Dealing with Lack of Confidence and Imposter Syndrome
Make that inner critic an ally
We might call it the Saboteur, the Inner Critic, Imposter Syndrome, undeserving, ‘feeling less than’ or something else but almost all of us suffer at some point from a lack of confidence. It’s really about feeling ‘not enough’ to thrive in a particular circumstance. Experts say that perhaps 85-90% of us feel it at some point; and no less than Michelle Obama, Maya Angelou, Tom Hanks and even Einstein have said they’d experienced it in doing their work.
This can be debilitating and hold us back from having the impact we’d like to have in our lives and our work. In my case, I find myself hesitating when I’m doing something I feel is important but that others are already doing (like the topic of this article- plenty of people have studied and written about Imposter Syndrome so my inner critic screams at me, “MANY PEOPLE MORE QUALIFIED IS ALREADY DOING THIS! HOW CAN YOU THINK YOU’LL BE OF ANY USE?”).
It’s uncomfortable, anxiety-generating. And we judge ourselves horribly for not being able to accomplish things we feel should be capable of. And we often suffer in solitude because talking about it can be really awkward, even shameful.
There are many approaches to dealing with lack of confidence or imposter syndrome or the inner critic- there’s a list of well-studied techniques at the end of the article.
However, here’s a technique you can practice to get past the anxious feelings very quickly (it takes about 30 seconds) and get into action. Many people find it’s really useful in those moments of stress and anxiety and judgement.
Premise: Stop pushing the Inner Critic Away
These feelings are really uncomfortable, and our tendency is to avoid them, to push them away when they show up. Instead, it helps to recognize this is a part of you- at some point in your life, these feelings served you, they offered protection and they are a part of the whole you. Our efforts to push them away or avoid them isn’t effective and you might actually find makes them worse by spinning up the cycle of self-judgment.
These feelings have their greatest power when they reside in the background, those voices in the back of your head.
Instead (and this might sound crazy), turn these feelings into an Ally or Team Mate. You do this by bringing them out front, giving them form, and making a choice about them. This gives you back control (instead of the Inner Critic driving the bus).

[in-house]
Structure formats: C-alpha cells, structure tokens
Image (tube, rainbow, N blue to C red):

Try these steps.
Steps in working with your new Ally: AGCT
1. Acknowledge it: ‘Hey, I see you there.’ (This brings those feeling to the front, to a place you can deal with them, instead of hiding in the background)
2. Gratitude: ‘Thanks for showing up.” (You’re showing gratitude because, at some point, these sensations served to protect you, to keep you safe.)
3. Make a choice: Seek information (get curious) or release it. (This puts you at choice; you have control again.)
4. Tell it what to do: “I don’t need you right now; you can take off.” or “What are you trying to share with me right now?” (You get to choose whether to listen and learn from it in this moment or let it know it’s not needed. You’re no longer hijacked by old stories or feelings.)
Try this a few times when those ‘not enough’ feelings show up. You might find you’re able to get into positive action more quickly.
Some Other Options
And here are several other approaches that psychologists recommend for dealing with the Imposter or Inner Critic.
1. Lean into Strengths / remember who you are and what you’ve already overcome already.
2. Self-compassion: rather than comparing yourself to others, compare yourself to who you were yesterday and the progress you’ve made.
3. Remind yourself you are not alone; lean into people who care about you. Build yourself an army of people to support you; check in with whether the people you’re surrounding yourself with are draining energy or adding energy.
4. Let go of the hundred things you have to do and focus on ONE or TWO SMALL STEPS which gets you into action.
5. Choose your Story- you can pay attention to the negative and the doubt or you also have the capacity to choose a more positive story filled with possibility.
6. Practice setting boundaries – practice by starting small and then deal with the bigger things.